Disaster response: Retired paramedic gives time, talent to help earthquake survivors
After a 7.8 magnitude earthquake killed hundreds and injured tens of thousands in Ecuador, a former AMR medic was "Called to Care" for the injured and worried well
On April 16, 2016 an earthquake, centered just off the coast of Ecuador, jolted the South American nation. Andy Pittman, a retired paramedic who lives in Ecuador, shares his experiences in the days after the earthquake caring for the injured, delivering supplies, and tips for responding to a disaster. Learn more about and support Pittman's efforts.
By Andy Pittman
I worked in the emergency medical field for 27 years. I started in search and rescue then as an EMT with St. Francis Ambulance Co., paramedic with AMR, Flight For Life, was on two national disaster response teams and ran the disaster program for a 13-state AMR region. I responded to hurricanes, tornados, floods, an airline crash, wildland fires and winter blizzards.
I also ran a wildfire mitigation business on the side for the last six years I was in Colorado. In November 2011, I retired from EMS and moved to Ecuador to start the next chapter of my life. I have been here for four years traveling around the country taking wildlife pictures. My wife, Ginger, and I have also been volunteering at spay and neuter clinics in the Cuenca area.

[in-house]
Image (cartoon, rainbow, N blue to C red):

Ginger and I had just gotten back from a photography trip to the Amazon rain forest on April 16 and had not even fully unpacked. We were in our kitchen fixing dinner when I thought I was getting dizzy. I looked over at Ginger and she was holding on to the kitchen sink and she also thought she was getting dizzy. As the shaking got stronger, we realized it was an earthquake and although it was not horribly strong, it lasted for 30 to 40 seconds so we went outside in case it got stronger.
7.8 magnitude earthquake
It is incredible that we felt the quake that strong for that long as we live nearly 300 miles from the epicenter. At the time, I thought that the Cotopaxi volcano had blown, which has been active since August. The Cotopaxi volcano is a nearly 20,000-foot mountain near the capital of Quito, Ecuador that has a history of a major eruption about every 100 years. It is overdue and with the 30 to 40 earthquakes a day and the eruption of small amounts of smoke and ash, the concern has been that a major eruption is imminent. There is a town of over 100,000 people within the initial blast zone and parts of Quito are also susceptible so there has been a lot of emergency planning to try to prepare for an eruption.
Later that night, we heard that we experienced a 7.8 magnitude earthquake off the Northern Coast of Ecuador.